Send in the clones

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Rick Cook

Disk cloning can significantly reduce the time and effort needed to update existing systems or bring up new ones. By preparing an image of the disk containing the files the user needs and using cloning software, the entire setup can be transferred to the target computer in a matter of minutes.

Cloning is also a fast way to bring back a system that has been messed up by an over-enthusiastic user fiddling with the controls. Rather than spending the time to figure out what was actually done to the system, you can restore it to basic configuration by copying over a disk image.

There are a number of programs available for disk cloning, including Symantec's Norton Ghost and LabExpert from SmartStuff.

There are a couple of considerations when using cloning software. First, cloning assumes that the data aren't important. The cloned image consists of only system and application files that are common to all the systems. Cloning a disk image isn't a substitute for backup, and if you are upgrading a system you should back up the data before cloning the disk. Alternatively, you might want to keep all the users' data in a separate volume that isn't cloned.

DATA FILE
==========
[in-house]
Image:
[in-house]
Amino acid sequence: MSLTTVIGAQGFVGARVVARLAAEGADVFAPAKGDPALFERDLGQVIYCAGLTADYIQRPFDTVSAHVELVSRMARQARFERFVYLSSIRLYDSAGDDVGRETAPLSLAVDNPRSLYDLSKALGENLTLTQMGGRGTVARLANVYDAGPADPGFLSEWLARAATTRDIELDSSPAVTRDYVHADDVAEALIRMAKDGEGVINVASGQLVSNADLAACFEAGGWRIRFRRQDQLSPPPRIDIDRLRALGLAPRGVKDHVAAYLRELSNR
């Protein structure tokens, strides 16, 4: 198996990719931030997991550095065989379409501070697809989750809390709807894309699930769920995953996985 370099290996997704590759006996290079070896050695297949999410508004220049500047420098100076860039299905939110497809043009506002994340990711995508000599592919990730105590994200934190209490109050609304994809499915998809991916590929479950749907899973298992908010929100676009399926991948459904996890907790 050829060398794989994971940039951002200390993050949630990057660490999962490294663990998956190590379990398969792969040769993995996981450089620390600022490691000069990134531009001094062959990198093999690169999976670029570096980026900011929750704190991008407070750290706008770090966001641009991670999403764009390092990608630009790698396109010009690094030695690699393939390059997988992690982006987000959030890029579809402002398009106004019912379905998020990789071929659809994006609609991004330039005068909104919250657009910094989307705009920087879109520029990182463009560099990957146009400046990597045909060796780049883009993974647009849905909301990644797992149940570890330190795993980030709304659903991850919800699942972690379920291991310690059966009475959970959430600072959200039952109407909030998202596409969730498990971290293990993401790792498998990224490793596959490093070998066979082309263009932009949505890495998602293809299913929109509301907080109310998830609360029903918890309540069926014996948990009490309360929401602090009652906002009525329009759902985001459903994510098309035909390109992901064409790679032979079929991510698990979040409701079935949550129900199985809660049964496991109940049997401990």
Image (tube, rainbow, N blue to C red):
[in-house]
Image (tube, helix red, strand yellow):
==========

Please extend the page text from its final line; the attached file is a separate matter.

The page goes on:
Secondly, cloning works best if the hardware and software configurations of the source and target systems are substantially the same. That includes things like video and NIC drivers and other hardware-specific software. If you have many different configurations to support, cloning is considerably less useful.

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This was first published in December 2000

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